And I've always said that no matter what happens with Ahsoka, I trust Dave. So whether she lives or dies, he's always gonna do the right thing for the overall Star Wars story. And so whatever that may be, I promise him I'm always fine with it. And of course I became so attached to her and I didn't want anything bad to happen to her, but he once told me that if Ahsoka and Vader faced off, it wouldn't be a good thing for Ahsoka. So and that was several years ago. And so I always had that in the back of my head. It's like okay, I trust Dave. I want her to live. I want her to live. But oh it's not gonna be good for Ahsoka. So I was just so nervous. And then I would get photos on my phone of Ahsoka with her head chopped off that Dave and Henry would send me from recording sessions. Like ha-ha, have a good day.

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Later in the post-screening Q&A, Eckstein jokingly asked Filoni "So I wanna know, am I reprinting the Ahsoka Lives T-shirt or am I pirating the Ahsoka's Dead T-shirt?" Filoni laughed and responded with the following:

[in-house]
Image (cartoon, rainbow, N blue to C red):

I think what's great about this... Again, it's kind of like you can sell two shirts. This is what I do. I help her out all the time. What you do is you sell this shirt for like the optimists, right? And then you sell a new shirt with just all you have to do to take that design add a question mark. And that's all you have to do. It's a really inexpensive thing. You can even take like back stock you have of additional shirts that can't sell and you can just like boom, put a question mark on it and it's a whole new shirt. It's a brand new shirt. You can sell that one, mark it up.

Hit the next page to hear what they say about Ezra Bridger's possible turn to the dark side and more.

Is Ezra Being Pulled to the Dark Side?

As for Ezra's ending, he is seen holding a Sith Holocron which is beginning to open and he looks up. After the screening Gray asked Filoni about that moment before they came out to the the Q&A:

I think his eyes went red, no? But then I was asking [Filoni] if [it was] just a great animator who was like, oh he had something red in his hands so reflect red off his eyes. Or are we saying something with that? And I can't get a straight answer.

Filoni later explained that Ezra is susceptible to the dark side.